President-elect Donald Trump will name Sonny Perdue, the former Republican governor of Georgia who famously prayed for rain during a 2007 drought, to lead the U.S. Department of Agriculture, according to The Associated Press and Reuters.
Perdue’s nomination comes less than 48 hours before Trump’s inauguration ceremony and completes the president-elect’s proposed cabinet, which does not include a Hispanic member.
Perdue, who served as Georgia’s governor from 2003 to 2011, met with Trump at Trump Tower in late November. Perdue later told reporters that Trump “lit up” when he told him about his skills in agricultural commodities and trading, The Atlanta Journal-Constitution reported at the time.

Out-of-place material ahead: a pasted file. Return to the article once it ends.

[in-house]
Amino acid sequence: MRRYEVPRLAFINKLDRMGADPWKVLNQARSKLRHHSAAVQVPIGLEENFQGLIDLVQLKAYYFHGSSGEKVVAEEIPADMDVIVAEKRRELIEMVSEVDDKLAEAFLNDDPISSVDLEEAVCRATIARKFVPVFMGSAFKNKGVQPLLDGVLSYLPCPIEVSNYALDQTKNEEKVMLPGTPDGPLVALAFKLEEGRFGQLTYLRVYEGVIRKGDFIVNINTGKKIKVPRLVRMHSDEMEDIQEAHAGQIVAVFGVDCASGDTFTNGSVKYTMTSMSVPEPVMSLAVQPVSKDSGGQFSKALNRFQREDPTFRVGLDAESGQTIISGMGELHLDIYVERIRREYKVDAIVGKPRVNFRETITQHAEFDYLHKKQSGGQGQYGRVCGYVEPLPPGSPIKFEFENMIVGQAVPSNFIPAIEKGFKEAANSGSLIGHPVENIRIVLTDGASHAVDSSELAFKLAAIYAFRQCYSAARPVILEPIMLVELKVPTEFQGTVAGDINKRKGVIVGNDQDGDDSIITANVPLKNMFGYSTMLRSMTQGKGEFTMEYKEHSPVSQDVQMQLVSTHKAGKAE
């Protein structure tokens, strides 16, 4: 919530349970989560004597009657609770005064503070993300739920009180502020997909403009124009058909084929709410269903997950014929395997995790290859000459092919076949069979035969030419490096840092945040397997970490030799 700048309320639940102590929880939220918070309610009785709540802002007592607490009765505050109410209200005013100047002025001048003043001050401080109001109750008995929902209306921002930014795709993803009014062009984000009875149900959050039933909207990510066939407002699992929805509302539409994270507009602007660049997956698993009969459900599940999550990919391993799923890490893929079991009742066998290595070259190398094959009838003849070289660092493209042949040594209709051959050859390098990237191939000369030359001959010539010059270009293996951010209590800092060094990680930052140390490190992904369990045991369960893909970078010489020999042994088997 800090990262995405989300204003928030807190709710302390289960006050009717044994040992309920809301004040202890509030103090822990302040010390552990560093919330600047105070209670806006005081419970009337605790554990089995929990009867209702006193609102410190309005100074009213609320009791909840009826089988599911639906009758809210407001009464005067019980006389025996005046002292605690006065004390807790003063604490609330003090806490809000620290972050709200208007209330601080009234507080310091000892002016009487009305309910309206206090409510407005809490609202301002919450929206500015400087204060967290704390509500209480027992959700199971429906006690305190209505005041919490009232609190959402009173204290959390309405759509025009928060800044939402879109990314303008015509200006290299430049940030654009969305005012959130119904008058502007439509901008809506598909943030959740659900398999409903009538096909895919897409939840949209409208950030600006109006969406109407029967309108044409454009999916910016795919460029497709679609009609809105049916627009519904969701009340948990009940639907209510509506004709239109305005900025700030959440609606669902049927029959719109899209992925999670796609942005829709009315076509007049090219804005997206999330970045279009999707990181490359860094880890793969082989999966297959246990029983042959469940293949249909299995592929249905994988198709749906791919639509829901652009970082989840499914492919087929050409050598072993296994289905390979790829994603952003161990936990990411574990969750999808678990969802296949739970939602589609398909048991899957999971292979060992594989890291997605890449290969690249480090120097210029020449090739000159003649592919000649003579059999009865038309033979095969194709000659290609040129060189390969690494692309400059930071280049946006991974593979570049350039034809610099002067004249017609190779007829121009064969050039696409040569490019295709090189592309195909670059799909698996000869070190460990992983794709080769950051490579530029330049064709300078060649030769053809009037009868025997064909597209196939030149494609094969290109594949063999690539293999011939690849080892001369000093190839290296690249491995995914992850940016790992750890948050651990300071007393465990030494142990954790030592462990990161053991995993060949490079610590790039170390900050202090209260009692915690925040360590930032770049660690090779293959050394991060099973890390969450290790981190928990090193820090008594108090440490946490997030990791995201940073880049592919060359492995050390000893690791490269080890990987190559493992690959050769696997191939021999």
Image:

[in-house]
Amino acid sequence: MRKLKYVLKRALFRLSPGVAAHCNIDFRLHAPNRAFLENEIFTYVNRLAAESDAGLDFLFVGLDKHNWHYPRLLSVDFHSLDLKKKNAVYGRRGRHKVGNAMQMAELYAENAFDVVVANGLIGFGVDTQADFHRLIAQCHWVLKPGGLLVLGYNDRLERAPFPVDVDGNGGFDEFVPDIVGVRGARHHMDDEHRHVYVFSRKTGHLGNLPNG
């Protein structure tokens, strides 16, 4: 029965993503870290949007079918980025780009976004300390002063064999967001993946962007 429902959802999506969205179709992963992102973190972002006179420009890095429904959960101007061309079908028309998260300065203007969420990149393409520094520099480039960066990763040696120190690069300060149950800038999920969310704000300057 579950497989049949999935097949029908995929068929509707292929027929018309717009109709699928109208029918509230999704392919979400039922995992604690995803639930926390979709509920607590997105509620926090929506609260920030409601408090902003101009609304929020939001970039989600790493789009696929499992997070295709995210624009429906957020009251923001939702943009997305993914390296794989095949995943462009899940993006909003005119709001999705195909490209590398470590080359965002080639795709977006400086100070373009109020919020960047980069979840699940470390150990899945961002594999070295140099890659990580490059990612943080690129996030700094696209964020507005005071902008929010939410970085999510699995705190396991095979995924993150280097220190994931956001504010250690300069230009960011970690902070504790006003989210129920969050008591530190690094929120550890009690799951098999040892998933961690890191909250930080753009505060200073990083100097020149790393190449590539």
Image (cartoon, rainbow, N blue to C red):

Perdue, 70, is well known for leading a prayer service at the state capitol in Georgia in hopes of bringing an end to a 2007 drought.
“I’m here today to appeal to you and to all Georgians and all people who believe in the power of prayer to ask God to shower our state, our region, our nation with the blessings of water,” he said at the time, according to National Public Radio.
Perdue is the founder of Atlanta-based Perdue Partners, a privately owned company that trades food and industrial products worldwide, according to Reuters.
If confirmed by the Senate, Perdue will replace outgoing Agriculture Secretary Tom Vilsack.
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